In the 16 seasons since the four-team, six-game pools have been part of the competition structure, Munster have lost just three of their round six encounters, the most recent in 2006-07 when Leicester Tigers made history with a 13-6 win at Thomond Park.
The last six seasons have seen the men in red finish the job as intended with the last two campaigns ending on real highs as Northampton Saints and then Racing Metro were put to the sword.
All the talk this week, outside the Munster camp at least, has been of the province needing a similarly rampant score over Edinburgh tomorrow to secure the bonus-point victory that will give Rob Penney’s side the best possible chance of claiming a home draw for the quarter-finals they reached with a game to spare at Gloucester seven days ago.
And the reasons that chatter has been external to the Munster squad and management are pretty clear.
That they were meant, according to that week’s expectation, to run up a cricket score at Murrayfield in round one last October and came home with a chastening defeat is chief among them.
Subsequent victories for Edinburgh at Gloucester in round four and last week at home to Perpignan are two more and another is that their three wins in Pool 6 give them a live chance of reaching the Amlin Challenge Cup quarter-finals and extending their European rugby campaign beyond the Six Nations.
That would be no mean achievement for head coach Alan Solomons in his first season since taking over from Michael Bradley. Since being surprise semi-finalists under Bradley in 2011-12, Edinburgh have resumed the more customary mantle of also-rans and started this season in similar vein, trundling along at the bottom of the RaboDirect PRO12.
Yet, it is obvious that a corner has been turned and that Edinburgh are coming to Limerick determined to make Munster scrap for every yard and point.
Munster fly-half Ian Keatley was not the only player to have noted: “They have got much better over the course of the season. I think we played them the first round of the Rabo and even from there to the first round of the Heineken Cup, they are just getting better and better, week in, week out.
“Everyone is talking to us that we might need a bonus point, but we are just going out to win the match first because we know how much of a threat they have.
“They still have something to play for, they are still trying to get into the Amlin Cup, so they won’t be coming over to Limerick lightly.”
Keatley’s head coach has also plotted their upward curve since those two early-season encounters in league and Heineken Cup.
“They’re certainly a different bunch than they were four months ago,” Penney said. “They’ve developed a unity and a toughness that is becoming very tough for teams to play against.
“We’ve seen Leinster go down to them, Perpignan, Gloucester away. They should have beaten Glasgow.
“They’re now a legitimate side. Over the last couple of years, they may not have been seen as a big threat, although they did reach the semi-finals two years ago in the Heineken. They’ve got a little recipe going on there. They’ve developed something that’s starting to become a bit special and it’s a bit nerve-wracking when you’re seeing it unfolding and from this perspective we could probably do without that now.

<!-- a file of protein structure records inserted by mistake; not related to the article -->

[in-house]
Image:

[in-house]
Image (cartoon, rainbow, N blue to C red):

“We have to respect that and we’ll have to be in a good place to combat it.”
Combat is probably the right word, for Edinburgh are an aggressive, tough-tackling and defensively tight outfit with the best tackle success rate (91%) of any side in the Heineken Cup this season and the tournament’s top tackler in flanker Cornell du Preez, with 71 tackles in five games and 400 minutes of action.
Even in defeating Munster at home in October, Edinburgh missed only four tackles and Penney is aware of the challenge.
“They’ve got a team that’s full of warriors. Just tenacious, they know what they’re trying to do and they do it efficiently. They give it 100% in every endeavour. Eight, nine, 10, 15, they’ve got people that are able to dictate the tactics and drive them around the paddock and put them in the right area of the ground and build pressure.”
That was certainly the case in victory over Perpignan on Saturday at Murrayfield when Edinburgh defended superbly, nullified Perpignan’s maul and put pressure on the French side’s defence, forcing errors and earning points in the process, spearheaded by an aggressive, ball-carrying back row of du Preez, Roddy Grant and David Denton. Not flashy just effective.
Yet, if Edinburgh are on the up, so too are Munster, who in Keatley’s opinion put in their “first real start to finish performance to date so far,” in beating Gloucester at Kingsholm last Saturday evening.
It was, the fly-half said, “an all-round game with our forwards combining with our backs” and there will be ten of tomorrow’s starting team further bouyed by inclusion this week in Joe Schmidt’s Ireland squad for next week’s Wolfhounds game, back at Gloucester, and the Six Nations beyond.
Edinburgh may well have something to play for but there is just as much at stake for the Munster players this weekend, let alone the ones omitted by Schmidt.
Munster can do effective just as well as any team and expect them to show it tomorrow lunchtime. It may just lead to that bonus point.